Nepalese gay sex scandal may push poet off Irish syllabus

One of the foremost Irish-language poets is expected to have his work removed from the school curriculum in the wake of a tangled sexual controversy.

Until recently, Cathal O'Searcaigh, whose work has been described as "exquisitely beautiful", and has been translated by the Nobel Prize winner Seamus Heaney, was regarded as a gentle, eccentric soul devoting much energy to charity work in poor regions of Nepal.

But a television documentary, made with his co-operation in Nepal and screened this week, has divided opinion on his behaviour.

O'Searcaigh has provided substantial funds in Nepal, where he spends three months a year, to improve the education and life-chances of teenage boys. He also says that he has had sex with some of them, seeing nothing wrong with enjoying sexual favours from those he helps.

Aged 52, he is openly gay and has been going regularly to Nepal for more than a decade. He seems genuinely hurt at accusations that he is practising a form of predatory sex tourism, saying the youths involved are over the Nepalese age of consent, which is 16.

He said: "Boys came to my room. Certainly I had sex with some of them, yes, yes, yes. But it wasn't coercing them into having sex with me. That door was open all the time." Irish police say they are investigating, but police in Nepal are less concerned, saying no complaints have been made.

Irish intellectual and cultural opinion is divided, with some critics branding the poet's behaviour opportunistic and morally unacceptable. Ciaran Byrne, a journalist, said: "At worst it shows he exploited his relative wealth in a country where poverty is rife, using his cash to satisfy his sexual desires among highly vulnerable young men."

The Irish Times said that the episode was "in danger of fuelling a modern-day literary witch hunt", asking whether the work of Oscar Wilde should also be removed from the school syllabus.

Ireland's Minister for Education, Mary Hanafin, said she was shocked and appalled, declaring: "There might be questions about the character of many people whose literature has been on courses for the past hundred years. This is different, however, because it is a current case involving a person living in this country. Students must answer one question about the poet [in examinations], which could cause difficulty."

The saga came to light when an admirer of O'Searcaigh travelled with him to Nepal to make a film, and became aware that he had sex with young men whom he helped. She said he set himself up as a benefactor to students "but somewhere along the line the boundaries get blurred".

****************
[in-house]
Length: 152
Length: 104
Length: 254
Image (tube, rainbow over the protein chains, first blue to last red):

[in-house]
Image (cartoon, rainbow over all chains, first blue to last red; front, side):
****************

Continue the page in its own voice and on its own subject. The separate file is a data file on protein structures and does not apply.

The poet responded that the documentary, called Fairytale of Kathmandu and which aired this week, was "very salacious, distorted and inaccurate". He has engaged a PR adviser to mount an aggressive defence of his behaviour which has included accusations of bias, dishonesty, homophobia and entrapment.

Support for O'Searcaigh has come from the cultural community. Senator David Norris, a gay rights campaigner and Oscar Wilde scholar, spoke of "ignorant vindictiveness, sensationally presented", and the organisers of an international literature festival said they would be "proud" to showcase the poet's work at their annual event in Galway next month. A playwright and rights activist, Margaretta D'Arcy, said that, if O'Searcaigh was forced to sever his links with Nepal, "his friends are bound to suffer desperate hurt to their self-esteem, a sense of deepest betrayal, irreparable emotional damage; and this will be the real abuse."

Geraldine Sheridan, a professor of languages at the University of Limerick, responded: "Many of us denounced the Catholic Church establishment for closing ranks in the face of the indefensible: the abuse of innocence. Let us be spared a similar reaction on the part of our intellectual and artistic elite."

'Innocent and vulnerable' poetry

Cathal O'Searcaigh has been acclaimed by writers and critics in Ireland. The poet Michael Longley wrote that "in his loveliest poems there rings out most spontaneously a note that is innocent and vulnerable". The author Dermot Bolger wrote of him: "Playful, open, ebullient, unafraid of the colours of language, shockingly honest and raw when necessary, he has transfixed the landscape of his native Donegal." The following is an extract from O'Searcaigh's poem, "Here At Caiseal na gcorr Station", translated by Gabriel Fitzmaurice:

Above and below, I see the holdings

farmed from the mouth of wilderness.

This is the poem-book of my people,

the manuscript they toiled at

with the ink of their sweat.

Here every enclosed field is like a verse

in the great poem of land reclamation.

I now read this epic of diligence

in the green dialect of the holdings,

understand that I'm only fulfilling my duty

when I challenge the void

exactly as my people challenged the wilderness

with diligence and devotion

till they earned their prize.

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